Asked By – yarbelk
How can I know if a Python module exists, without importing it?
Importing something that might not exist (not what I want) results in:
try: import eggs except ImportError: pass
Now we will see solution for issue: How to check if a Python module exists without importing it
To check if import can find something in Python 2, using
import imp try: imp.find_module('eggs') found = True except ImportError: found = False
To find dotted imports, you need to do more:
import imp try: spam_info = imp.find_module('spam') spam = imp.load_module('spam', *spam_info) imp.find_module('eggs', spam.__path__) # __path__ is already a list found = True except ImportError: found = False
You can also use
pkgutil.find_loader (more or less the same as the Python 3 part:
import pkgutil eggs_loader = pkgutil.find_loader('eggs') found = eggs_loader is not None
Python 3 ≤ 3.3
You should use
importlib. I went about doing this like:
import importlib spam_loader = importlib.find_loader('spam') found = spam_loader is not None
My expectation being, if you can find a loader for it, then it exists. You can also be a bit more smart about it, like filtering out what loaders you will accept. For example:
import importlib spam_loader = importlib.find_loader('spam') # only accept it as valid if there is a source file for the module - no bytecode only. found = issubclass(type(spam_loader), importlib.machinery.SourceFileLoader)
Python 3 ≥ 3.4
In Python 3.4
importlib.find_loader Python documentation was deprecated in favour of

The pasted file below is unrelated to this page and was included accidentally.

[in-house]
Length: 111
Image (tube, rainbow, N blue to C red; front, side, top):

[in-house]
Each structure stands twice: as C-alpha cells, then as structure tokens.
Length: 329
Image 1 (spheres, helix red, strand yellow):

importlib.util.find_spec. The recommended method is the
importlib.util.find_spec. There are others like
importlib.machinery.FileFinder, which is useful if you’re after a specific file to load. Figuring out how to use them is beyond the scope of this.
import importlib spam_spec = importlib.util.find_spec("spam") found = spam_spec is not None
This also works with relative imports, but you must supply the starting package, so you could also do:
import importlib spam_spec = importlib.util.find_spec("..spam", package="eggs.bar") found = spam_spec is not None spam_spec.name == "eggs.spam"
While I’m sure there exists a reason for doing this – I’m not sure what it would be.
When trying to find a submodule, it will import the parent module (for all of the above methods)!
food/ |- __init__.py |- eggs.py ## __init__.py print("module food loaded") ## eggs.py print("module eggs") were you then to run >>> import importlib >>> spam_spec = importlib.util.find_spec("food.eggs") module food loaded ModuleSpec(name='food.eggs', loader=<_frozen_importlib.SourceFileLoader object at 0x10221df28>, origin='/home/user/food/eggs.py')
Comments are welcome on getting around this
- @rvighne for importlib
- @lucas-guido for Python 3.3+ deprecating
- @enpenax for pkgutils.find_loader behaviour in Python 2.7